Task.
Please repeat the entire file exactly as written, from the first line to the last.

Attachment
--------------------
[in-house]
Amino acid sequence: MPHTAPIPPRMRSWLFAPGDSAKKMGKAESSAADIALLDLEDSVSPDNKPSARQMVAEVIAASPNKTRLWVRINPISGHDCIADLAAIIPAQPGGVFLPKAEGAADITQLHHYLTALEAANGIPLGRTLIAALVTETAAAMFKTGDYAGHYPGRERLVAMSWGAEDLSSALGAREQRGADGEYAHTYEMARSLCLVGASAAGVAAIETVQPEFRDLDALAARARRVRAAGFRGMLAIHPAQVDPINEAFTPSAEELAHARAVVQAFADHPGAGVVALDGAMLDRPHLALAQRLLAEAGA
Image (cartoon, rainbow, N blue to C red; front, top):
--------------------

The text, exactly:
[in-house]
Amino acid sequence: MPHTAPIPPRMRSWLFAPGDSAKKMGKAESSAADIALLDLEDSVSPDNKPSARQMVAEVIAASPNKTRLWVRINPISGHDCIADLAAIIPAQPGGVFLPKAEGAADITQLHHYLTALEAANGIPLGRTLIAALVTETAAAMFKTGDYAGHYPGRERLVAMSWGAEDLSSALGAREQRGADGEYAHTYEMARSLCLVGASAAGVAAIETVQPEFRDLDALAARARRVRAAGFRGMLAIHPAQVDPINEAFTPSAEELAHARAVVQAFADHPGAGVVALDGAMLDRPHLALAQRLLAEAGA
Image (cartoon, rainbow, N blue to C red; front, top):